Wednesday, September 1, 2010

The Most Interesting of Experiments...

It's no secret that the attrition rate among Ph.D. candidates is huge. Given the amount of resources devoted to these programs, such a shortfall may be comparable to the problem of graduation rates for undergraduates for the welfare of universities. The question and the source of the proposed experiment is to figure out the cause of the higher failure rate in Ph.D. programs. This would be technically daunting to investigate. There are many factors that contribute to the success of a Ph.D. candidacy over a long period of time. There is no exit interview associated with failed candidates nor any attempt at assessment. Many reasons for failure to complete are of a personal nature and could not be released.

Yet, I suspect that possible answers to the question are well-known. The candidate is not smart enough would be one. The second one is that he or she lacks the determination to finish. A third would be external circumstances which can interfere. That's pretty much it for the most likely reasons. The fact is that most experienced faculty who have worked with Ph.D. candidates probably have a pretty firm sense of the most common causes of failure. If only this information could be communicated!

What if the underlying problem was not any of the above but was one of information management? Most Ph.D. projects, especially in the humanities and social sciences, involve processing and managing a great deal of information running into the hundreds of references. Working with them is not at all a trivial task and there is minimal guidance for this from faculty who expect the candidates to figure it out for themselves as has been done since time immemorial. Enter EndNote, bibliographic software designed to manage references as well as format them. By way of analogy, word-processing is a type of management software, yet the difference between it and a typewriter is enormous for the writing process. What if the same were true of the relationship between bibliographic managers and the ad hoc research methods assembled by individuals? The library could be at the forefront of high-level research that is the very summit of what universities produce.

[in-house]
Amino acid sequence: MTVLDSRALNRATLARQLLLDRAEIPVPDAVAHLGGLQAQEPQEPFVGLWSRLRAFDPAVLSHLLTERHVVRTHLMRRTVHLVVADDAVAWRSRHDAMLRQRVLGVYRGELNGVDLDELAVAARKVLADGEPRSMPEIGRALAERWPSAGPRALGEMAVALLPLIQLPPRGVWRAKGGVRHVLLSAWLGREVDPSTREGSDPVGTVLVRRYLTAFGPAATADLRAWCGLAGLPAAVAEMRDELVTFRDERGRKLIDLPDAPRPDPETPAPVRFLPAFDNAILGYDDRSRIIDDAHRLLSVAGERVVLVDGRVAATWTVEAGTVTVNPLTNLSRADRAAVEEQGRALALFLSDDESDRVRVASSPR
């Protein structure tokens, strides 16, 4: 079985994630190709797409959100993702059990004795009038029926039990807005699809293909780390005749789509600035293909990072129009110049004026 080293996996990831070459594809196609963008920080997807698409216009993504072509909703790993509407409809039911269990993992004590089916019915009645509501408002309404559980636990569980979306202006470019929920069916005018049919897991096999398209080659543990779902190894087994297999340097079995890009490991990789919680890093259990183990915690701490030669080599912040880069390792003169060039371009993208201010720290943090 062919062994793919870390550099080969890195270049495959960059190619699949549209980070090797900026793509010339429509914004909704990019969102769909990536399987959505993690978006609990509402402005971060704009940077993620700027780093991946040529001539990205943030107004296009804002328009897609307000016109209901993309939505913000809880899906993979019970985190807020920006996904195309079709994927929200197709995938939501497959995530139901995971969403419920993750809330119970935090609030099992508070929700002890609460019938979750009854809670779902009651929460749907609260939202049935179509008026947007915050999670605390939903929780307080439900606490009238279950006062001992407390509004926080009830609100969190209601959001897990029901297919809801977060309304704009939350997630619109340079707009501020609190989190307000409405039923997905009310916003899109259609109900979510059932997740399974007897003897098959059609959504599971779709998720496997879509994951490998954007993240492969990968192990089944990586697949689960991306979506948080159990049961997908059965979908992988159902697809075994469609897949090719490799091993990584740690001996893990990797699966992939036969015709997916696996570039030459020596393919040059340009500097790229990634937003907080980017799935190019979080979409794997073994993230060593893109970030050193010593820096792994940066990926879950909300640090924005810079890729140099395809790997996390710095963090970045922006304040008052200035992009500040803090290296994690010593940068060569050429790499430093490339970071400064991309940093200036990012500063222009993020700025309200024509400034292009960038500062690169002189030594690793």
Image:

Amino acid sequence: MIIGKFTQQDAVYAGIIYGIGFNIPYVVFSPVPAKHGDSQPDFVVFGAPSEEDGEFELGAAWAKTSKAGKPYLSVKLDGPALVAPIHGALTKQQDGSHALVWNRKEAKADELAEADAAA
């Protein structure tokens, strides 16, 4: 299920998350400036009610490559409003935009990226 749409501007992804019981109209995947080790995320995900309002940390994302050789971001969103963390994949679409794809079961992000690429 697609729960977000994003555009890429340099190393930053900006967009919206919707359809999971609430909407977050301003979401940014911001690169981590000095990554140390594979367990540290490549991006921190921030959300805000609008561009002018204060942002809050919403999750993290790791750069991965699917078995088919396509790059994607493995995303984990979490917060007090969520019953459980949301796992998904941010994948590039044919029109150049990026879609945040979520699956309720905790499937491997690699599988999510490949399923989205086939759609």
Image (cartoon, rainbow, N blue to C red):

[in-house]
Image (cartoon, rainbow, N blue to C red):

Ambitious as this sounds, it is not even new. The program has essentially been done and reported on by Manchester Metropolitan University:

Harrison, Mary, Stephanie Summerton, and Karen Peters. "Endnote Training for Academic Staff and Students: The Experience of the Manchester Metropolitan University Library." New Review of Academic Librarianship 11 1 (2005): 31-40.

Is there a reason for the UC system not to investigate this?